As coronavirus spreads, how will it affect New Hampshire’s economy?

Uncertainty grows amid ‘changing and evolving situation’
Coronavirus Outbreak

Businesses around New Hampshire are closely monitoring the spread of Covid-19, the disease caused by the new coronavirus, as travel warnings have been issued against several countries, including China, and stock markets have taken a hit.

New Hampshire reported its first confirmed case of Covid-19 on March 2, which has now grown to four cases in total as of March 8. The federal Centers for Disease Control and the New Hampshire Department of Health and Human Services are asking businesses to take precautions, monitor employees and be prepared to change how they are doing business.

And, like the epidemiologists and public health officials who are warily eyeing the virus’ spread, economists and businesses are being watchful to see what it could mean for the economy, both internationally and in New Hampshire itself.

“My primary thought is uncertainty is the enemy of prosperity. I coined that, and it is very appropriate in this setting,” said economist Russ Thibeault, president of Applied Economic Research in Laconia. “There is tremendous fear right across the board.”

He noted the Federal Reserve Board took the unheard-of step of cutting the federal funds rate – its benchmark interest rate – by 50 basis points on March 3. Despite that, the Dow Jones Industrial Average still fell by 3%.

“There is nothing you can do to overcome the fear that is causing people to change their behavior,” Thibeault said. “It’s very disconcerting in every way. Hopefully, the fear is not transmitted into reality.”

Travel concerns

Across the country, there are reports of companies curtailing travel for their employees and others are asking employees to work from home. Thibeault said he had to cancel his own plans to meet with a colleague whose company, AT&T, has suspended all corporate travel.

However, Cheryl Paiva, of Manchester-Boston Regional Airport, said there is no immediate travel threat to travelers coming in or out of MHT at this time.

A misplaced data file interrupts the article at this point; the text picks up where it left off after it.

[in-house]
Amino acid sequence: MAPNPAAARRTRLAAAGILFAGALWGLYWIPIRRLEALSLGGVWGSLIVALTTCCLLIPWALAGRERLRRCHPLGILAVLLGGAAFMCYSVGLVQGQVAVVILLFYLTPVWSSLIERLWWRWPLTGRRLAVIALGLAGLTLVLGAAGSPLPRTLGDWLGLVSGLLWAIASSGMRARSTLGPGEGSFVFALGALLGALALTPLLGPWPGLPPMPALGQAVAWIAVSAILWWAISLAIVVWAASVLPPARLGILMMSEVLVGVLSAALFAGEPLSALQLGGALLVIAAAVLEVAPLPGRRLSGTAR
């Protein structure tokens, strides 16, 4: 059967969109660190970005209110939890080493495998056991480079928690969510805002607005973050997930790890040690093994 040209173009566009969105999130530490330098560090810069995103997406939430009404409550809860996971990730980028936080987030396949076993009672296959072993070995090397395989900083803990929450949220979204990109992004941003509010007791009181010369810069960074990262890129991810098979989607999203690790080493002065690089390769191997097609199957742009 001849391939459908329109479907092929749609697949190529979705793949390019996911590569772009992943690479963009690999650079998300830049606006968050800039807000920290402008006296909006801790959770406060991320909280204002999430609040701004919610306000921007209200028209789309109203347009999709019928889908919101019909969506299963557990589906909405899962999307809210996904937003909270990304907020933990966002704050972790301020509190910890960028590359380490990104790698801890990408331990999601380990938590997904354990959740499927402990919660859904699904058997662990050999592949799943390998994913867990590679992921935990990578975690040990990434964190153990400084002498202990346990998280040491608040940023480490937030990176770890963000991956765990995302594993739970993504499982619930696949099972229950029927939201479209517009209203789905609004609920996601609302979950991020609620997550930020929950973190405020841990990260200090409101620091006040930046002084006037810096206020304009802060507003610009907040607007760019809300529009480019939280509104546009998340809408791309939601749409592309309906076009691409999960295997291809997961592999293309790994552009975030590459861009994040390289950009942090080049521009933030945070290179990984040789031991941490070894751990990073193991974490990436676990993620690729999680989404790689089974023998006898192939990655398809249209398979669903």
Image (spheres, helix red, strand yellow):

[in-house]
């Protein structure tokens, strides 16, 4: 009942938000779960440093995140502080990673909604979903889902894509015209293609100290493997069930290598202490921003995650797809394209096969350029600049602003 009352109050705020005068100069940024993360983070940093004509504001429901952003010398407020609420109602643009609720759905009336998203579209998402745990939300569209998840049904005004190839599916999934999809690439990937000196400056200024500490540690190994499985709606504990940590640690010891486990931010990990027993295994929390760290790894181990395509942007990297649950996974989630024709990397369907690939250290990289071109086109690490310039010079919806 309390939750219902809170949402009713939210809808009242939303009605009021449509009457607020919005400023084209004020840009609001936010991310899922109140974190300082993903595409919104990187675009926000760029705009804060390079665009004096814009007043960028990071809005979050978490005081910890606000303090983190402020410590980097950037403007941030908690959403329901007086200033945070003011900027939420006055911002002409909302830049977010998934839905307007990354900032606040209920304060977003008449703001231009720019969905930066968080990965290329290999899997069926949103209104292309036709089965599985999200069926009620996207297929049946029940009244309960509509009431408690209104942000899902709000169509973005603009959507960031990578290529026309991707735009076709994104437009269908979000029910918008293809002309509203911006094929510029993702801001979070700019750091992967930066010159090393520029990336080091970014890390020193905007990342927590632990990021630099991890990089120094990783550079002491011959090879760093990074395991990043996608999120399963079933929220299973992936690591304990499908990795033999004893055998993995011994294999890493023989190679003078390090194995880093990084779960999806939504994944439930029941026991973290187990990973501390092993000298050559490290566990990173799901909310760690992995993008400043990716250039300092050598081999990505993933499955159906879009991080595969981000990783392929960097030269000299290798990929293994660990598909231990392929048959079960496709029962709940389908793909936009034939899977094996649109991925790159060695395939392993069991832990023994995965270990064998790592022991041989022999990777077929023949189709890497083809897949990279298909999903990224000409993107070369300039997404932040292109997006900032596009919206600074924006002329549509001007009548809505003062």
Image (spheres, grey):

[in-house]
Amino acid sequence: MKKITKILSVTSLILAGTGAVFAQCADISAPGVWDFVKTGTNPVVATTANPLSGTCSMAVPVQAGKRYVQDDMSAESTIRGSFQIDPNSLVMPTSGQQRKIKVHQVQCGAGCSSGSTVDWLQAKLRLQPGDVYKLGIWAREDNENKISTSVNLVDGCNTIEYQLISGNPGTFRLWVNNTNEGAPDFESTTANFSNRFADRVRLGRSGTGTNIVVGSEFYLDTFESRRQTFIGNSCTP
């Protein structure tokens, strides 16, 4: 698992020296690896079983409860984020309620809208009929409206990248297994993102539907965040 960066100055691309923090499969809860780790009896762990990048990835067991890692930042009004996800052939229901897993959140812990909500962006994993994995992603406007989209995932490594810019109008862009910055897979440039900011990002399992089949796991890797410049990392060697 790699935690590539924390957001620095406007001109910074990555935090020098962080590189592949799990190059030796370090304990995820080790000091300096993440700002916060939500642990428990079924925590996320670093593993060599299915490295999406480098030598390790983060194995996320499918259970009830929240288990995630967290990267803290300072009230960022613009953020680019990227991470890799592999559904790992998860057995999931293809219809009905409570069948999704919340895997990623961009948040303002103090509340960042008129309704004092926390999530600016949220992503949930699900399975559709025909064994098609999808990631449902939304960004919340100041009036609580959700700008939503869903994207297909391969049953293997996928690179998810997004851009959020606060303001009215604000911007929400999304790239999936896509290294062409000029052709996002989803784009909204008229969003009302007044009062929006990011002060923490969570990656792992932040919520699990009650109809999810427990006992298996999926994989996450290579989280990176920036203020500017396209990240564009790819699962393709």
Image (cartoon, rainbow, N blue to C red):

“As always, we encourage everyone traveling to regularly and thoroughly wash their hands and to take advantage of hand sanitizers located throughout the terminal, to avoid the spread of germs,” according to a statement from MHT. “Manchester-Boston Regional Airport is working closely with the city of Manchester Health Department and New Hampshire Department of Health and Human Services to monitor information and updates relative to the novel coronavirus. We are also in close communications with our airline partners and terminal tenants to ensure proper procedures are in place, as it relates to this new virus.”

At BAE Systems, the state’s largest manufacturing employer, “we are keeping our travel policies under constant review. Like other organizations, we are minimizing non-essential travel while focusing on meeting our customers’ needs,” said Kelly Golden, the company’s director of external communications. BAE, which has facilities in Nashua, Hudson and Manchester, is the U.S. subsidiary of BAE Systems plc, an international defense, aerospace and security company that employs more than 85,000 people in 40 countries.

Thibeault said there are indications individuals and businesses are pulling back investments and consumption out of fear. As an example, he said he was purchasing a piece of office equipment now rather than wait in case it wouldn’t be available later.